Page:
We probably spent about half an hour making our way around the trail taking it all in.

Everywhere you looked there was something else to see, so even though there were quite a few other people there it never felt like you were waiting to have your turn to enjoy a part of it.

At the end of the trail there was a little area set up with fairground mirrors and a few games where you turned handles or pressed buttons to make things move on the screen which the children really enjoyed.


The last day of our trip we checked out of our lodge (you have to check out by 10am) and then parked the car up in the long stay car park.  The weather had really cleared through so it was dry and the wind had dropped down so we took advantage of the extra time on site to wander round the village and visit the lake.

The resort was so quiet, I think most people do tend to head for home straight away after checking out, so it felt like we almost had the place to ourselves.

We played in the park in the village for a bit, popped into Newton stores for a few treats and then walked down to the lake.

We’d brought Nerys’ walkie talkies with us so we split up and walked different ways around the lake, talking to each other.  The children had a great time and it was really nice to get some fresh air and stretch our legs before leaving.


We had such a wonderful holiday all in all, and I am thrilled that we actually got to see the winter lights; I’d heard all about them from friends who had been before and the whole thing absolutely lived up to my expectations.

This is one of the things I really love about Bluestone, no matter what time of year you go there is something different to experience that makes the trip extra special.

After our last trip I wrote about the perfect time of year to visit Bluestone and now, having visited during the winter lights festival, I’m still just as undecided about it as I was then!

It all depends what you want from your holiday I suppose, but honestly, I think any time of year is the perfect time to visit Bluestone.

Random acts of kindness

31 ideas for random acts of kindness

“Three things in human life are important.  The first is to be kind.  The second is to be kind.  And the third is to be kind”

I came across this quote from Henry James when I was searching for the perfect words to use to start this post, and it’s just what I wanted.  One of the things I truly believe is that if we can raise our children to just be kind, then we’ve done a great job as parents.

And the thing is, it takes so little to be kind.  But when we all do it, repeatedly, it makes such an impact on the world.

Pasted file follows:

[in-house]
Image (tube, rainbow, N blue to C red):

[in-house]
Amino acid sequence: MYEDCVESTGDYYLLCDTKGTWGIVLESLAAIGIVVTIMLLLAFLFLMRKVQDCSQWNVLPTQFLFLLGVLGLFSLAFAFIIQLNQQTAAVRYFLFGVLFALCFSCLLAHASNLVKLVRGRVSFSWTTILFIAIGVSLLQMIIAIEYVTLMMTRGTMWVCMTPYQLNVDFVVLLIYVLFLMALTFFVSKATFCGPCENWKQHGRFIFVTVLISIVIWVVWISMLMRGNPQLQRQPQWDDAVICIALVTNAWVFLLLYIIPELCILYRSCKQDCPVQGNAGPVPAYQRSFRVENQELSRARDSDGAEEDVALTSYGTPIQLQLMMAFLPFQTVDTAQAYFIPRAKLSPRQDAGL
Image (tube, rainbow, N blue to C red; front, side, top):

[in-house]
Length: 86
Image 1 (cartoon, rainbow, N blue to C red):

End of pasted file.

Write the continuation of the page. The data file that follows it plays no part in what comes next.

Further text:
The 17th of February is national random acts of kindness day, which makes this month a perfect time to make that little bit more of an effort to put more kindness out there.

If you’re after some inspiration of random acts of kindness to carry out, here are 31 ideas.  Some you can do alone, some your children can do alone, and some you can do together as a family.


1. Give compliments to as many people as you can.

If you see someone wearing an outfit that looks amazing on them, tell them!  Comment on how much you love a friend’s new haircut.  Get your children to tell their friends how great they think they are at drawing/dancing/making them laugh.

Any time you think something nice about another person, make a point of actually telling them rather than keeping it to yourself.


2. Leave your pound coin in the shopping trolley.

Next time you go to the supermarket, leave your pound coin in the slot when you return your trolley so the next person who comes along can use it.  You can also do this if you use a locker somewhere like the local swimming pool or the gym.


3.  Do a family member’s least favourite chore for them.

If you know that your partner hates doing the washing up, then surprise them by tackling it for them.

Think about the one job that someone in your family complains about doing every time, and take that annoyance away from them now and then.


4. Volunteer to help out at a school event.

Whether it’s helping set up, run, or clear up afterwards, if you can spare the time then volunteer to help out.  You can also bake or buy cakes if there’s a sale, or have a clear out and donate some old toys for the toy stall at the next fete.


5. Share a small business owner’s social media post.

I would put money on the fact that you know at least one person who is running their own small business, whether they sell jewellery on Etsy, have a coffee shop or are a blogger like me.  One of the nicest things you can do for these people is like and share their business’ posts when you see them on Facebook, Instagram or Twitter.


6. Take a hot drink or sweet treat for the school lollipop lady.

This is one that the children would love to be involved in.

Our lollipop lady is so patient and kind, and the children all really love seeing her, so handing her a little treat to say thank you for keeping everyone safe would be a lovely RAOK to do together.


7. Donate some toys to a charity shop or a local play group

Another one to do as a family is sort through all the toys that don’t really get played with and find some to donate to a charity shop, a local playgroup or maybe even the doctor’s surgery for their waiting room.